- By creating professionals whose livelihoods depend on convincing us that vasectomies are worth considering, we’ll create a new cultural messaging force. The messages that dominate in our culture do so because someone has a vested interest in them. We drink Pepsi because Pepsi spends millions telling us to. Our Vasectarmy would be in the same position. It’ll learn how to market and to tell stories convincing us that vasectomies are good, which will help change how we think about the choice to have children.
Note that we wouldn’t have to train huge numbers of people. One person can perform a lot of vasectomies, because they’re fast outpatient procedures.
Some physicians will object, but they probably don’t merit much credence, what with their vested interest.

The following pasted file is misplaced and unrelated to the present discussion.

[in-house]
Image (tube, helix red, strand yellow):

It is difficult to get a man to understand something, when his salary depends upon his not understanding it. (Upton Sinclair)
I believe strongly in this idea. If this were a career option, I’d do it, no hesitation. Scrotums are gross but I’d do it anyway. I want to see a vasectomy booth at Wal-Mart squeezed between the liquor store and the barber. I’ll man that sucker for the rest of my days.
- Population growth is already slowing on its own. True, but we won’t peak till we reach 9 or 10 billion, and we may already be too high at 7 billion. Fertility rates may have to fall more quickly than they are to avert cataclysm. We don’t know for sure, but that’s no reason not to act. I don’t know for sure if Russian roulette will kill me (in fact there’s only a 17% chance that it will), but I’ll never play Russian roulette. We’re playing global Russian roulette by our inaction.